Slide Made Simple: Mastering Slide Guitar | Jayden Friesen | Skillshare

Playback Speed

  • 0.5x
  • 1x (Normal)
  • 1.25x
  • 1.5x
  • 2x

Slide Made Simple: Mastering Slide Guitar

teacher avatar Jayden Friesen

Watch this class and thousands more

Get unlimited access to every class
Taught by industry leaders & working professionals
Topics include illustration, design, photography, and more

Watch this class and thousands more

Get unlimited access to every class
Taught by industry leaders & working professionals
Topics include illustration, design, photography, and more

Lessons in This Class

9 Lessons (16m)
    • 1. Introduction

    • 2. Class Project

    • 3. Setting Your Guitar Up for Success

    • 4. Shaping Your Tone

    • 5. Tips For Cleaner Slide Playing

    • 6. Playing Chord Shapes

    • 7. Playing in Context Part 1

    • 8. Playing in Context Part 2

    • 9. Conclusion

  • --
  • Beginner level
  • Intermediate level
  • Advanced level
  • All levels
  • Beg/Int level
  • Int/Adv level

Community Generated

The level is determined by a majority opinion of students who have reviewed this class. The teacher's recommendation is shown until at least 5 student responses are collected.





About This Class

This class is designed to help students of all levels better grasp slide guitar. Beginning with the proper setup of your guitar, I will help you have an easier time playing slide right from the get go. Once your guitar’s playability is better, I will teach you picking techniques that will allow you to play clean slide without sloppy, unwanted notes. We will then discuss the tone you use under your slide playing, and how it affects your overall sound. Finally, since this course is taught in standard tuning, we will discuss different modes and boxes to play in that will help students open their minds to playing possibilities, while simultaneously simplifying the way slide guitar is played.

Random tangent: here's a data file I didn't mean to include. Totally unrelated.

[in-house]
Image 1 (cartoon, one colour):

If you are just beginning to learn slide or have difficulty playing slide, this class is for you! The suggested skill level is intermediate and above, although most beginners should not have too much difficulty following along. The most advanced content in this class will come down to the actual notes, modes and boxes being played. However, the tips for the actual technique of playing slide is applicable to all skill levels.

Learning to play slide and mastering it is a very daunting task and took me years to understand and develop. This class will help save you time and many frustrating mistakes as I share my experience and knowledge about slide guitar with you. The beauty of what I teach you is that you will gain knowledge and skills that you can transfer to any tuning or genre you desire to play guitar in!